Download Le désir d'être un volcan (Journal hédoniste, tome 1) by Michel Onfray PDF

By Michel Onfray

Ce magazine, rigoureusement libertin - au sens où Montaigne définit le libertinage comme l. a. "faculté d'aller ici, puis là" -, répond à toutes sortes de questions bizarres. En voici l. a. liste, non exhaustive. Les pauvres peuvent-ils être libertins ? Quelles leçons sur les hommes un chat peut-il donner ? Que disent les prostituées aux philosophes ? Mondrian aide-t-il à comprendre Venise ? Que serait une philosophie du panache ? Que peut-on écrire du corps de son père ? Quelles mythologies comparées pour l'eau ou le Pétrus ? Quel écrivain désirait être un volcan ? Une érection peut-elle être un auxiliaire de connaissance ? Que veulent les femmes ? Le libertinage est-il toujours de droite ? remark peut-on aimer Diogène et de Gaulle ? Qu'est-ce qu'un philosophe libertin ? Voilà un florilège de questions, parmi d'autres...

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84). The ordinary souls of animals, however, have no capacity for self-knowledge, and so even though they are indestructible 10 INTRODUCTION they nevertheless do not enjoy immortality proper, as immortality requires the preservation of the individual personality or self. Leibniz's division of substances into rational souls and ordinary souls not only enabled him to sidestep the charge that he granted animals the same immortality as humans, but also provided an answer to a question muchdiscussed in Leibniz's day, namely how a person could be sure that her soul would be immortal.

But if all evil is indeed bound up with a greater good then one might suppose that this greater good can be demonstrated in at least some instances. But this Leibniz denied: For as it is true that there is an infinitely perfect God who has permitted evil, we must say with St. Augustine that he did it for a greater good, although it is beyond the forces of human reason to show a priori and in detail in what this good consists. For it is sufficient to know roughly and a posteriori that this must be the case, because evil actually happened and God exists (p.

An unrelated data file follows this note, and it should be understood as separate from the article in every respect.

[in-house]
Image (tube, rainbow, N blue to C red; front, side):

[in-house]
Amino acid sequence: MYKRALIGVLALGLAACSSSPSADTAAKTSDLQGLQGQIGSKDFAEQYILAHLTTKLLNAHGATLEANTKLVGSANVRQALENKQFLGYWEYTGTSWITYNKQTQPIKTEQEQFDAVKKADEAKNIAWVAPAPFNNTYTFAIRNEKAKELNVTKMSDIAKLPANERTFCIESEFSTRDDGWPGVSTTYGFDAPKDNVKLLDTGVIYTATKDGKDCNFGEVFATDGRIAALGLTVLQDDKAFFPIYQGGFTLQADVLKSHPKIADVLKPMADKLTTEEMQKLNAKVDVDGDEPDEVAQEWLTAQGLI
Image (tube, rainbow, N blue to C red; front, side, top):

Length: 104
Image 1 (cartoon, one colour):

Perhaps not surprisingly, Leibniz's confidence in the claim that our world is the best one possible has struck many as incredible. Among the most common objections is this one: our world would presumably be better if it contained less evil, and better still if it contained no evil at all, so the presence and quantity of evils in our world strongly suggests that our world is not best. Leibniz's response to this objection was to say that not a single evil could be removed from our world without detriment to the whole: 'We must believe that the mixture of evil has produced the greatest possible good: otherwise the evil would not have been permitted' (p.

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